G.R. 135721, 27 May 2004


Agricom and Dee entered into a 15-year lease contract over the rubber plantation owned by the former. Among the stipulations in the contract was the payment of deposit in the amount of P135,000.00 and payment of back rentals in case of non-payment of rentals for three months. The contract also stipulated that Agricom had the duty to maintain Dee in the quiet peaceful possession and enjoyment of the leased premises.

A labor case for illegal dismissal and unfair labor practice was filed against Agricom, Amado Dee (Chua Tee Dee’s husband) and Pioneer. This case arose from the fact that some of the plantation laborers were dismissed from work due to the contract of lease with Dee. In addition, Dee also complained of being pestered by some individuals who claimed portions of the plantation as their own property.

Pioneer defaulted in its monthly payments, prompting Agricom to file a complaint for sum of money. In its Answer, Dee asserted that Agricom committed breach of contract for its failure to maintain her in peaceful possession and enjoyment of the leased premises. The breach, in turn, entitled her to suspend payment of rentals.


Whether the lease contract is valid and petitioners are liable to pay back rentals, including rentals already paid for.


The cause or essential purpose in a contract of lease is the use or enjoyment of a thing. It is consensual, bilateral, onerous and commutative, The owner temporarily grants the use of his or her property to another who undertakes to pay rent therefor. In the case at bar, petitioner Chua Tee Dee is the lessee of the private respondent Agricom. As lessor, the Agricom had the duty to maintain the petitioner in the peaceful and adequate enjoyment of the leased premises. Such duty was made as part of the contract of lease entered into by the parties. Even if it had not been so, the lessor is still duty-bound under Art. 1654 of the Civil Code, thus:

Art. 1654. The lessor is obliged:

(1) To deliver the thing which is the object of the contract in such a condition as to render it fit for the use intended;
(2) To make on the same during the lease all the necessary repairs in order to keep it suitable for the use to which it has been devoted, unless there is a stipulation to the contrary:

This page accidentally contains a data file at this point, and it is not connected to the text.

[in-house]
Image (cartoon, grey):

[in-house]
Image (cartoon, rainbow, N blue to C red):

(3) To maintain the lessee in the peaceful and adequate enjoyment of the lease for the entire duration of the contract.

The duty “to maintain the lessee in the peaceful and adequate enjoyment of the lease for the duration of the contract” mentioned in no. 3 of the article is merely a warranty that the lessee shall not be disturbed in his legal, and not physical, possession.

In the case at bar, the petitioner claims that several people presented tax declarations to her and claimed some portions of the leased premises. However, no case was filed by any of the said claimants against her or her lessor during the time she occupied the premises.

Patently, then, the petitioner had not been disturbed in her legal possession of the property in derogation of Article 1654 of the New Civil Code. When the petitioner’s representative saw that a portion of the leased premises was being fenced by the claimants, she had all the right to sue the intruders who had disturbed her physical possession61 as provided for in Article 1664 of the New Civil Code. However, the petitioner did not file any suit against any of the claimants. Thus, it cannot be said that the private respondent violated paragraph 11 of the contract of lease.

In sum, then, the petitioner failed to prove that the private respondent breached any of the provisions of the contract of lease. Thus, the petitioner had no valid reason to suspend the payment of rentals under Art. 1658.

*Case digest by Meriam Rika R. Wong, JD – 4, Andres Bonifacio College, SY 2019-2020